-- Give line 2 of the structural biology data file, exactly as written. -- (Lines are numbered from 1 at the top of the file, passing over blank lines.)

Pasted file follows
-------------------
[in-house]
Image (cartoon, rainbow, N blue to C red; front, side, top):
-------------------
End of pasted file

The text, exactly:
Image (cartoon, rainbow, N blue to C red; front, side, top):